Wheat Yield Constraint Calculator: a tutorial

Page last updated: Tuesday, 23 May 2017 - 1:33pm

Please note: This content may be out of date and is currently under review.

Wheat yield constraint calculator is a simple tool to calculate yield potential and compare your paddocks performance over a number of years. To aid you in the use of the tool either follow the simple 'how to begin' guidelines or review the case study or view the YouTube video.

How to begin

  • Choose your location - to select a weather station's rainfall data:
    1. Click the town to activate the map with over 670 weather station locations;
    2. Select the weather station closest to your location on the map;
    3. Accept the location (button in the top right hand corner of map) to load rainfall data in the tool.
  • Choose your soil type to determine the average plant available water capacity (PAWC) of a soil:
    1. Click soil type to display a list of soils;
    2. If you are unsure, click the document icon for a description or;
    3. Click the MySoil tool link to identify your soil.
  • Estimates of water limited yield potential are displayed based on PAWC:
    1. A default PAWC is loaded when you select the soil;
    2. If you are aware of your soils PAWC, then adjust using the slider on the tool to the appropriate value.
  • Enter grain yield (t/ha) of your paddock to compare your crops performance:
    1. Wheat yields for the previous five years can be entered;
    2. Additional years can be added by clicking the 'insert new year' button.
  • Additional paddocks can be added:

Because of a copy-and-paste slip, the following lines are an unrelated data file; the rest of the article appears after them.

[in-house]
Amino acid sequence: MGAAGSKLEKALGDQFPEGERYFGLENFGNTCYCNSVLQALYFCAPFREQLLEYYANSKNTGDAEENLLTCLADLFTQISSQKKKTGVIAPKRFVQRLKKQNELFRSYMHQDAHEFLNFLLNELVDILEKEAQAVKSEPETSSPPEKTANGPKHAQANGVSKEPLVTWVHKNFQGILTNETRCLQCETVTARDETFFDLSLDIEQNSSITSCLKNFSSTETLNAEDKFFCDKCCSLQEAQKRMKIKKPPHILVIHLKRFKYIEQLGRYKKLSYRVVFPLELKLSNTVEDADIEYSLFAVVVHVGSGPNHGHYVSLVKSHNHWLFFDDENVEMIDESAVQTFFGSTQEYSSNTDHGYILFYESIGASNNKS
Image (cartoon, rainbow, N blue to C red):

1. Click the 'new' button to add a new paddock;
    2. New location and soil type can be chosen.

Case study

A farmer in Coorow grew Mace wheat in 2010 and 2012 on a sandy brown earth. Yields were 1.64 tonnes per hectare (t/ha) and 1.84t/ha respectively. Mandelup lupins were sown in 2011 and yielded 1.2t/ha.

Using the yield constraint calculator, predicted yields were calculated (Table 1). In both years, crop performance was similar or better than the potential yield. Constraint was close to 100% which indicates good crop performance. Water use efficiency (WUE) was greater than 15 kilogramm per millimetre (kg/mm) of rain, another indication if good performance.

Table 1 Actual and potential yield of Mace wheat sown in Coorow on a sandy brown earth
Year Actual yield Potential yield Constraint WUE
2010 1.64 1.65 99.39 19.88
2012 1.84 1.53 120.26 24.12

What does it mean? The sustained good performance of the crop is an indication that both management and the soil resource are not limiting production of this paddock.


Information on the case study was provided by Department of Agriculture and Food, Western Australia's Focus Paddocks project (DAW213) which is supported financially by the Grains Research and Development Corporation.

Contact information

Art Diggle
+61 (0)8 9368 3563


Christine Zaicou-Kunesch